“Modern technology requires simple, fast, and reliable multiprocessor algorithms,” says Jayanti. “Huge speedups and better coordination is the goal, but even using multiprocessor algorithms, we can prove that communication problems can only be solved so quickly.”
Overcoming significant linguistic barriers to communicating state-of-the-art research in Telugu, Jayanti invented new technical vocabulary for the paper using Sanskrit, the classical language of India, which heavily influences Telugu. For example, there was no word for technical terms like “shared-memory multiprocessor” in Telugu. Jayanti changed that, coining the word saṁvibhakta-smr̥ti bahusaṁsādhakamu (సంవిభక్తస్మృతి బహుసంసాధకము).
While the term may seem daunting and complex at first, Jayanti’s process was simple: Use Sanskrit root words to coin new words in Telugu. For instance, the Sanskrit root “vibhaj” means “to partition” while “smr̥” means “to remember, recollect, or memorize.” After modifying these words with prefixes and suffixes, the results are “saṁvibhakta” (“shared”) and “smr̥ti” (“memory”), or “saṁvibhakta-smr̥ti” (“shared-memory”) in Telugu.
Passionate about creating educational opportunities in India, Jayanti has visited schools in several states, including Telangana, Andhra Pradesh, and Karnataka. He travels to India yearly, occasionally making stops at universities like the International Centre for Theoretical Sciences and those within the Indian Institutes of Technology.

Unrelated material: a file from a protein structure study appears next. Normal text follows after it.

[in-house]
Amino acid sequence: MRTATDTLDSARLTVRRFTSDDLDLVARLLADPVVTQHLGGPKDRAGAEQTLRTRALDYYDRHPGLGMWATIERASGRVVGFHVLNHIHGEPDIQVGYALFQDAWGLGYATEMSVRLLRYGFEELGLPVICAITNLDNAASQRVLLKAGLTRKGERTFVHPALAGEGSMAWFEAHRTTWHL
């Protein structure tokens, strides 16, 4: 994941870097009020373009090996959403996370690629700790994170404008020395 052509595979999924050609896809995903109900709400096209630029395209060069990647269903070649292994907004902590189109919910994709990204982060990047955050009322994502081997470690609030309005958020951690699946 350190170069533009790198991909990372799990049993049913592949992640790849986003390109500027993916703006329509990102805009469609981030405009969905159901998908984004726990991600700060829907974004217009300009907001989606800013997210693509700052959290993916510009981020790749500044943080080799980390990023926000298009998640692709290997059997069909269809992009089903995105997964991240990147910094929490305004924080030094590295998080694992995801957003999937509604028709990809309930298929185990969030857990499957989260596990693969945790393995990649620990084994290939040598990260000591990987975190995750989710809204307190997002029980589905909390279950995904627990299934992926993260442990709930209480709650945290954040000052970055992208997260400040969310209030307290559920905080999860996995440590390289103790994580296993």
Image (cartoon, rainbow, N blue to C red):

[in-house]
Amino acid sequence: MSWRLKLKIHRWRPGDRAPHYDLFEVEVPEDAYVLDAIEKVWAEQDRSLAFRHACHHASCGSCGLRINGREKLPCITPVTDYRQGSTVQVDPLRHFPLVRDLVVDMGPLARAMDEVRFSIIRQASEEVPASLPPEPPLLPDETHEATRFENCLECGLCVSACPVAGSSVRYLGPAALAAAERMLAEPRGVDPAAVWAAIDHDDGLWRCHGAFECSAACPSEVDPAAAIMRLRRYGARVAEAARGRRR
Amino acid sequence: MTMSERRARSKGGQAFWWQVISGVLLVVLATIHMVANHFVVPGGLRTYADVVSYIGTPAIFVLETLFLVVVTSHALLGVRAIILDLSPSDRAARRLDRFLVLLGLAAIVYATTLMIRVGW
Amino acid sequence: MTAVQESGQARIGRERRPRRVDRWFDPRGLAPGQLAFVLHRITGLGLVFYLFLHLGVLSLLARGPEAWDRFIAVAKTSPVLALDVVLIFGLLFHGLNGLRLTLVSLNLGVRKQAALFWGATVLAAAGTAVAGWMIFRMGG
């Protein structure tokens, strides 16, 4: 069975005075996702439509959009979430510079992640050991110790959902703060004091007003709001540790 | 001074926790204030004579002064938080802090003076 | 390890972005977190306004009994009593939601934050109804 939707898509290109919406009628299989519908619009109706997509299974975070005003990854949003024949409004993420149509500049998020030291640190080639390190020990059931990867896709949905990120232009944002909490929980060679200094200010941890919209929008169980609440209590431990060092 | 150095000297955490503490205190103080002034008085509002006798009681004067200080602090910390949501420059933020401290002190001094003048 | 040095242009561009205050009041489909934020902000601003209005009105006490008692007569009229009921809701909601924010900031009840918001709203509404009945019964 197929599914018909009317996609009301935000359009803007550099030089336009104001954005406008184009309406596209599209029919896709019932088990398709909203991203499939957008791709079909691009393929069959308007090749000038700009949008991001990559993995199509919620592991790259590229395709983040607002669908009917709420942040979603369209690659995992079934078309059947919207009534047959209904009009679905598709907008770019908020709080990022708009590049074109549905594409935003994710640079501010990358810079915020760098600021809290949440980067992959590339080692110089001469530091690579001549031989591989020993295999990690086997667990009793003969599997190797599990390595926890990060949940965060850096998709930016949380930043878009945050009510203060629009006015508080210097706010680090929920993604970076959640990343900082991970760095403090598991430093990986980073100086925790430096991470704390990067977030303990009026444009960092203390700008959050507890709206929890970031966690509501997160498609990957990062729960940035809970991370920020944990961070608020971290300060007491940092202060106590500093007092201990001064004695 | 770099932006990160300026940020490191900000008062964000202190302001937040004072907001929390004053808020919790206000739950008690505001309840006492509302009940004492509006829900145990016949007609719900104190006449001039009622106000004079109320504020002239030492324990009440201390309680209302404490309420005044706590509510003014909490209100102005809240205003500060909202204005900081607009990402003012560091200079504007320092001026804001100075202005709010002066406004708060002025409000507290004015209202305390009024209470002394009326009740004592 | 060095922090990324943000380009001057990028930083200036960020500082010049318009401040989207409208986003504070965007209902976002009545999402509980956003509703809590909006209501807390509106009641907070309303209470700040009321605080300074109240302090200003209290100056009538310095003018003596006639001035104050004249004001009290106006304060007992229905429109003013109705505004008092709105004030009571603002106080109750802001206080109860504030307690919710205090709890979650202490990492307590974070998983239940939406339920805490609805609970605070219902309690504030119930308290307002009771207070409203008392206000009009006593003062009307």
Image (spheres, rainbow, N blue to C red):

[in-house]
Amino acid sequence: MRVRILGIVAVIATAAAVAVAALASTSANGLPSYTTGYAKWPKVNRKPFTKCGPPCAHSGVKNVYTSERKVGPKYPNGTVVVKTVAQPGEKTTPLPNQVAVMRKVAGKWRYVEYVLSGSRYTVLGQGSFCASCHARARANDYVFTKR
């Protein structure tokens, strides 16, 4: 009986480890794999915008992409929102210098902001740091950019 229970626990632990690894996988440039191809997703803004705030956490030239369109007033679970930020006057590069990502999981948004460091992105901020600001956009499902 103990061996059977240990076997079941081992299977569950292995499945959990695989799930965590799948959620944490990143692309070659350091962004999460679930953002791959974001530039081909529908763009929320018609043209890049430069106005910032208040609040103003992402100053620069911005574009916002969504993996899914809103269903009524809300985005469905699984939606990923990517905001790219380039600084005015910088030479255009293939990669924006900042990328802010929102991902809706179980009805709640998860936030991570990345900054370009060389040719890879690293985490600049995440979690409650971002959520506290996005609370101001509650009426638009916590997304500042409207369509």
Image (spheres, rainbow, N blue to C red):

By creating new technical vocabulary, Jayanti sees his work as an opportunity to empower more people to pursue their dreams in science. His Telugu paper opens the doors for millions of native speakers to access STEM research.
“Knowledge is universal, brings joy, opens doors to new opportunities, and has the power to enlighten and bring people of diverse backgrounds closer together in pursuit of a better world,” says Jayanti. “My scientific learnings and discoveries have brought me in contact with great minds around the world, and I hope that some of my work can open up a gateway for more people worldwide.”
As part of his PhD thesis, Jayanti proposed the Samskrtam Technical Lexicon Project, which would bridge further education gaps by developing a dictionary of modern technical terms in STEM for speakers of local Indian languages and academics. “The project aims to forge a close collaboration between scholars of STEM, Sanskrit, and other vernaculars to expand science-availability in language communities that span over a billion people,” according to Jayanti.
Jayanti’s research also fueled further studies of multicore processing speeds. In 2019, he teamed up with Robert Tarjan, a professor of computer science at Princeton and Turing Award winner, as well as Enric Boix-Adserà, an MIT PhD student in EECS to demonstrate lower bound speed limits for data structures like union-find, where algorithms can create a “union” between disjointed datasets while “finding” whether two items are currently in the same set.
The team leveraged Jayanti’s research on GWU to prove certain limits on how fast algorithms can be, even harnessing the power of multiple cores. Jayanti and Tarjan have designed some of the fastest algorithms for the concurrent union-find problem yet, making analysis of large graphs like the internet and road networks much more efficient. In fact, these algorithms are close to the mathematical speed barrier for solving union-find.
Jayanti’s 2018 research paper in Telugu was presented along with an abstract in Sanskrit as one of the 14 chapters of his thesis last year, and his team’s 2019 paper was presented at the Symposium on Principles of Distributed Computing. His graduate studies were supported by the U.S. Department of Defense through the National Defense Science and Engineering Graduate Fellowship.